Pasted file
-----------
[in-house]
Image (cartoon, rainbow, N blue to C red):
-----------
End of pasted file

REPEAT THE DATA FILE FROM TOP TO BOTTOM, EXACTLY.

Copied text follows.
[in-house]
Image (cartoon, rainbow, N blue to C red):